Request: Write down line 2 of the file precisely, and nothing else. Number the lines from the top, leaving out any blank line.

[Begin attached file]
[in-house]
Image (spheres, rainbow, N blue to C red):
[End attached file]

Image (spheres, rainbow, N blue to C red):